The world has seen a number of recent events in which major systems came to a standstill, not from one cause alone but from the interaction of a combination of causes. System-level accidents occur when anomalies or errors in different parts of an interconnected system negatively reinforce one another, spiraling up out of control until they eventually drive the system outside of its sustainable boundaries, resulting in system “collapse.” Systems with multiple components that are tightly linked to one another are prone to such events. Increasingly, our industrial, commerce, and social systems are coming to have the characteristics that predict system-level accidents – in some cases, driven by consistent economic forces that cause tighter interconnections to form within existing systems – and there seems to be a rising frequency of such events. Since we inhabit an increasingly tightly interconnected global collection of such systems, finding ways to reduce and to manage systemic risk is an important priority.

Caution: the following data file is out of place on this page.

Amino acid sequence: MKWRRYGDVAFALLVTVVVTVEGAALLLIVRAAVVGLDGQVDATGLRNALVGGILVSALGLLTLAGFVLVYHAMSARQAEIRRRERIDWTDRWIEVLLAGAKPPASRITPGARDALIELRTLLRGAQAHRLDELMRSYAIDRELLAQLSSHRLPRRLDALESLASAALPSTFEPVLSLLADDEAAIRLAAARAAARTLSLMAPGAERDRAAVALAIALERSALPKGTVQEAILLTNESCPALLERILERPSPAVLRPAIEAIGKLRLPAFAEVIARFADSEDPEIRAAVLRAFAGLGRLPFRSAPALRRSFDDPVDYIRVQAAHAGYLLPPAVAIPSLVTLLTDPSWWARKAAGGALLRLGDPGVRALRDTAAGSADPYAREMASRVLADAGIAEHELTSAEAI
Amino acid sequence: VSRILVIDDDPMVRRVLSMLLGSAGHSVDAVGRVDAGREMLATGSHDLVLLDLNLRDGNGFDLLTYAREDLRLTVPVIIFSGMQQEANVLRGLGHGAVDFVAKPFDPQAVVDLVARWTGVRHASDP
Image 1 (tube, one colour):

This article appeared in Integrative Risk Management: Advanced Disaster Recovery.